I have been blessed with a once only in a lifetime love, friend, and partner who encouraged me to quit following the path of the naive online activist, fueled only by rage. 
Rage can force us to act blindly, to act without question. 
But we need to question. 
There are those who would manipulate activists for profit.

Let's be informed, and awake, folks..... we still can change the world.

Friday, June 5, 2015

A few thoughts on activism.

June 5. 2015

Wish I could say that being an activist has been, and continues to be, a wonderful, gratifying experience.
That would be untruthful though.

The downside is best described here, the author summed it up far better than I could.
Compassion Fatigue.

My thoughts run a bit more toward bewilderment, and a little anger.
Recently a friend of mine informed me that she and I had been targets of
criticism concerning our activism.
I did not bother to read what was said of us, as I assumed I would then be
tempted to respond. 
Not going to happen.
Been there, done that, and while I can’t change the past, I can choose not
to repeat it.

Working for our gray wolves concerning their protection under the Endangered Species Act
has been the primary thrust of my activism, starting in 2008 when Ken Salazaar delisted them.
I left for a while, and then returned for this round that began in 2011.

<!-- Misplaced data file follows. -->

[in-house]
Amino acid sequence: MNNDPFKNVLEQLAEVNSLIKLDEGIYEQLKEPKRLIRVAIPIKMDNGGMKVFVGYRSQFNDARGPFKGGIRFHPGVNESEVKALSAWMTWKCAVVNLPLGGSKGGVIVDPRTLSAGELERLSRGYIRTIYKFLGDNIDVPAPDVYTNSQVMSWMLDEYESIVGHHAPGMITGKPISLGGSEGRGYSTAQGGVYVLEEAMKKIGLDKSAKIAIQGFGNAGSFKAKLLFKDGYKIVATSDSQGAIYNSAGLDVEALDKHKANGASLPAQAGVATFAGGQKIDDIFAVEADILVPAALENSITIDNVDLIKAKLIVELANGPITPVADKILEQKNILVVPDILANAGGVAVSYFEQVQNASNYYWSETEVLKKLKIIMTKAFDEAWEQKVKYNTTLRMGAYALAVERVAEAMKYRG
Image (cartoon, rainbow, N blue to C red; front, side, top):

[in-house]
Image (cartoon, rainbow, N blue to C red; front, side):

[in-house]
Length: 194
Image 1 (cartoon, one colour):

This go around bit me.
Pinched nerve from too much time typing.
14 hours a day was the norm. The day I realized that 22 hours had passed while
flailing away on the keyboard was the day I knew this had to stop.

So, bit by bit, withdrew from accounts and alliances.
Some folks got pissed at me, had one person on Twitter that I had not met prior tell me that if I “wasn’t FOR the animals, then I was AGAINST them.”
That struck me as one of the most audacious things I’d ever heard.

Much of the activism I see is based on rage.
It is difficult for some personalities to sustain that level of anger, have seen
quite a few activists basically break down, nerves shot, and sink into depression.

How do you help animals by destroying your health?

I’m not advocating that anyone stay in when they need a break.
For another activist to accuse someone of being ineffective, if the person accused needs time to regroup, is simply mean spirited.

My work continues, but it is different now.
I no longer write tweet storms to scream at politicians or government agencies.
No more angry tweets and posts.
Have also learned that the way to shut down an account that deals with something like poaching, is to post a good news article about a country claiming to ban ivory sales.
That was met with cynicism.
So much for working for the collective end result to stop poaching of ivory tusks.

I will always work for the wolves that I have come to know as family, my four legged kindred.
But activism can take many forms.
It’s time for me to work for our wolves through my art.
There are so many passionate, able folks online who will ensure that voices for wolves will continue to be heard, so I can share my story of wolves in the gallery realm now, hoping to engage a different group of people who are not G+, Twitter, or Facebook animal rights activists.
Many people offline have no clue as to what has transpired since the reintroduction of our gray wolves to Yellowstone National Park, and then parts of North America.

My wish is that activists could learn to work together, not divide one another with criticism and slander.